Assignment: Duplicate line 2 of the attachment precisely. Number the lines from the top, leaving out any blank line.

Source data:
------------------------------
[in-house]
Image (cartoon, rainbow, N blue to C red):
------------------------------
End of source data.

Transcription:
Image (cartoon, rainbow, N blue to C red):